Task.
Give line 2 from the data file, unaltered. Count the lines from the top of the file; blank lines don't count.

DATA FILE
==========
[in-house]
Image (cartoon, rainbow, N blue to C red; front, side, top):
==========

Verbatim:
Image (cartoon, rainbow, N blue to C red; front, side, top):